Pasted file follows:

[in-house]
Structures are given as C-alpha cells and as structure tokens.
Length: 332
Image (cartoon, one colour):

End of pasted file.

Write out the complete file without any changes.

[in-house]
Structures are given as C-alpha cells and as structure tokens.
Length: 332
Image (cartoon, one colour):